GPO films : American and European models of advertising in the projection of nation
Sargeant, Amy. (2012) GPO films : American and European models of advertising in the projection of nation. Twentieth Century British History, Vol.23 (No.1). pp. 38-56. ISSN 0955-2359Full text not available from this repository.
Official URL: http://dx.doi.org/10.1093/tcbh/hwr065
The article seeks to reappraise the ‘documentary’ output of the General Post Office Film Unit in the 1930s with reference to a broader context of historical and contemporaneous debate concerning appropriate sites, media, and subjects for advertisement. Film, alongside other advertising media, was harnessed to a general objective to ‘project the nation’ at home and abroad. The employment of artists in industry served to enhance an image of Britain as a progressive manufacturing nation, fit and able to compete effectively in international markets. The modernizing influence of American and European precedents in promoting public and private institutions is traced in both production and commentary in this period. Films and filmmakers, it is argued, were aided and abetted, rather than compromised, by received attitudes towards advertising. The article explores promotion of the GPO as an exemplary model of patronage in commercial art and design in subsequent decades. The legacy of certain personnel responsible for the administration of GPO merchandizing and advertising activity is duly followed, from the Empire Marketing Board, through wartime propaganda, to the introduction of commercial television (a subsequently more familiar placement for screen advertisements) in the 1950s. The designation and appraisal of affiliated material as documentary, advertisement, propaganda, or plain fiction has often proven slippery and contestable.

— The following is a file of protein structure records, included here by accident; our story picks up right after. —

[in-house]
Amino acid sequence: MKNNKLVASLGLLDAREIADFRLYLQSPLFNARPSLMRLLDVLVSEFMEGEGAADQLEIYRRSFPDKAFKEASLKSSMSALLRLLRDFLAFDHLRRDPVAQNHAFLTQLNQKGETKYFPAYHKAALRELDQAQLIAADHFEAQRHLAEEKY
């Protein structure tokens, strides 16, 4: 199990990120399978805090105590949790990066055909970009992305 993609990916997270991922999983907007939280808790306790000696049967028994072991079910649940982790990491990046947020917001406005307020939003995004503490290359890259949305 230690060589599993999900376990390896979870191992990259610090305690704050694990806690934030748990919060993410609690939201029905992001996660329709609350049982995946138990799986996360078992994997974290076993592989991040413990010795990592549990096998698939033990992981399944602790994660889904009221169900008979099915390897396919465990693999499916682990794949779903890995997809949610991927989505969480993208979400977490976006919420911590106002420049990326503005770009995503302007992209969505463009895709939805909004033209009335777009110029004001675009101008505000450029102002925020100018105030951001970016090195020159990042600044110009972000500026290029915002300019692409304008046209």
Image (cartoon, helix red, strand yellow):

|Item Type:||Journal Article|
|Subjects:||P Language and Literature > PN Literature (General) > PN1990 Broadcasting|
|Divisions:||Faculty of Arts > Film and Television Studies|
|Journal or Publication Title:||Twentieth Century British History|
|Publisher:||Oxford University Press|
|Page Range:||pp. 38-56|
|Access rights to Published version:||Restricted or Subscription Access|
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